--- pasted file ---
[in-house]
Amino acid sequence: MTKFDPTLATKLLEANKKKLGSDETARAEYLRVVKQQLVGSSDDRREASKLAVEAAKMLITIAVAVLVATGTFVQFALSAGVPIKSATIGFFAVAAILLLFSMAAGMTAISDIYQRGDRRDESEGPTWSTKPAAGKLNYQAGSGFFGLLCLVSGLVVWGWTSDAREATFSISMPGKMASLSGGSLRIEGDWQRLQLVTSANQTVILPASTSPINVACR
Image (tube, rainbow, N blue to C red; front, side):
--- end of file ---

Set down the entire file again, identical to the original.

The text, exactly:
[in-house]
Amino acid sequence: MTKFDPTLATKLLEANKKKLGSDETARAEYLRVVKQQLVGSSDDRREASKLAVEAAKMLITIAVAVLVATGTFVQFALSAGVPIKSATIGFFAVAAILLLFSMAAGMTAISDIYQRGDRRDESEGPTWSTKPAAGKLNYQAGSGFFGLLCLVSGLVVWGWTSDAREATFSISMPGKMASLSGGSLRIEGDWQRLQLVTSANQTVILPASTSPINVACR
Image (tube, rainbow, N blue to C red; front, side):